Go Challenge - 2


  • This second Go challenge is now closed.
  • There were 105 entries from 30 countries.
  • Evaluator Jeff R. Allen talks about your submitted code here and here.
  • Some of the participants blogged about their Go challenge experience: Doug Cichon and Jason Clark.
  • The winners have been announced: #1 Michael Alexander (his solution), #2 David Le Corfec (his solution), #3 William Shallum (his solution), #4 Luke Champine (his solution) and #5 Arran Walker (his solution). According to the challenge author, David Le Corfec and William Shallum were close to one another.

The April 2015 Go Challenge for developers (newbies included)

Guillaume J. Charmes: Author of the second Go Challenge

Guillaume J. Charmes The second Go Challenge author is Guillaume J. Charmes. French first, software developer second. He loves to travel and used to live in France, China, Russia, Réunion, San Francisco, Chicago and Miami. He also likes to travel between technologies and languages: He jumped from C and ASM to PHP to fall into Python to then migrate to Go with some sides of Ruby. He is coming from a low-level ASM/C background which he uses to teach as well as for web security.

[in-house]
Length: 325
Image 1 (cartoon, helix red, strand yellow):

He started using Go in 2009 and fell in love with its syntax and concurrency model. He joined dotCloud, Inc. where he was the only Go developer for a while. This is when they started Docker…, in Go. Arrived to Docker 1.0, he moved on to Citrix, Inc. under the sun of Florida where he helps the moving process from Ruby to Go.

Guillaume has this to say about the challenge:

“Data security is a very important matter and this challenge is a good way to dive in with the NaCl package and leverage the power of Go interfaces to implement a clean solution over the network.”

The Go Challenge 2

Can you help me secure my company’s data transmission?

Last week, our competitor released a feature that we were working on in secret. We suspect that they are spying on our network. Can you help us prevent our competitor from spying on our network?

To get started

Check out the two files main.go and main_test.go here. These files are the starting point for this challenge.


3rd April 2015: Guillaume has made 2 changes to the test files:

  • The first change is minor and concerns Window user with dual stack. He has changed the net.Listen("tcp", ":0") to net.Listen("tcp", ""). This shouldn’t change anything for most people.
  • The second is more problematic and would impact people using io.Copy. In TestReadWritePing, he has moved the w.Close() in the writing goroutine just like in the other tests.

Goal of the challenge

In order to prevent our competitor from spying on our network, we are going to write a small system that leverages NaCl to establish secure communication. NaCl is a crypto system that uses a public key for encryption and a private key for decryption.